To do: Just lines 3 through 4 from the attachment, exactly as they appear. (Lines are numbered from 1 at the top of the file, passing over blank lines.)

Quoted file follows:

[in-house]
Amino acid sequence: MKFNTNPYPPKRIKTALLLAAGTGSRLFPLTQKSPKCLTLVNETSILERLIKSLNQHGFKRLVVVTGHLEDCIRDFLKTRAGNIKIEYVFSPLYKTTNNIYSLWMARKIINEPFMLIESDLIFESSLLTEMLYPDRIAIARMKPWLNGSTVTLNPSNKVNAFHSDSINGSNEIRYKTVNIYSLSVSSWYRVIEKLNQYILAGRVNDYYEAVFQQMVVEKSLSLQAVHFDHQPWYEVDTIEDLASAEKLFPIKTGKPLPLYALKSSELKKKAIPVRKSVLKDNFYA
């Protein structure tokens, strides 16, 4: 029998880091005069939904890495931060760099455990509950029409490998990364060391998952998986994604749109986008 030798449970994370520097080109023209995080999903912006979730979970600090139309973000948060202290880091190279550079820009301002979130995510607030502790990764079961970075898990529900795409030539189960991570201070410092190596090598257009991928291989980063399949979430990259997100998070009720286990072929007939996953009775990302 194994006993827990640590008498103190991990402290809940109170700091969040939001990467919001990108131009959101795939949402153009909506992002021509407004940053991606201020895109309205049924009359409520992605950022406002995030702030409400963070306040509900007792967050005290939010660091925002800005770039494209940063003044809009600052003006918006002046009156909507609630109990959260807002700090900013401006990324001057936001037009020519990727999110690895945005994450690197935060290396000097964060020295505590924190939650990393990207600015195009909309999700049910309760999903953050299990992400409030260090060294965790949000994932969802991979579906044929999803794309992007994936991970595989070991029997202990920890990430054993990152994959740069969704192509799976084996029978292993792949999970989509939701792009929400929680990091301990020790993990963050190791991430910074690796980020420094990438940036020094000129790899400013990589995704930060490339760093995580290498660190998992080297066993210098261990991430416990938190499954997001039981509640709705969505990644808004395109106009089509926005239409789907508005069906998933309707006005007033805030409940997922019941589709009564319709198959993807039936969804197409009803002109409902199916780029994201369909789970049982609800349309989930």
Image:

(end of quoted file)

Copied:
């Protein structure tokens, strides 16, 4: 029998880091005069939904890495931060760099455990509950029409490998990364060391998952998986994604749109986008 030798449970994370520097080109023209995080999903912006979730979970600090139309973000948060202290880091190279550079820009301002979130995510607030502790990764079961970075898990529900795409030539189960991570201070410092190596090598257009991928291989980063399949979430990259997100998070009720286990072929007939996953009775990302 194994006993827990640590008498103190991990402290809940109170700091969040939001990467919001990108131009959101795939949402153009909506992002021509407004940053991606201020895109309205049924009359409520992605950022406002995030702030409400963070306040509900007792967050005290939010660091925002800005770039494209940063003044809009600052003006918006002046009156909507609630109990959260807002700090900013401006990324001057936001037009020519990727999110690895945005994450690197935060290396000097964060020295505590924190939650990393990207600015195009909309999700049910309760999903953050299990992400409030260090060294965790949000994932969802991979579906044929999803794309992007994936991970595989070991029997202990920890990430054993990152994959740069969704192509799976084996029978292993792949999970989509939701792009929400929680990091301990020790993990963050190791991430910074690796980020420094990438940036020094000129790899400013990589995704930060490339760093995580290498660190998992080297066993210098261990991430416990938190499954997001039981509640709705969505990644808004395109106009089509926005239409789907508005069906998933309707006005007033805030409940997922019941589709009564319709198959993807039936969804197409009803002109409902199916780029994201369909789970049982609800349309989930």
Image: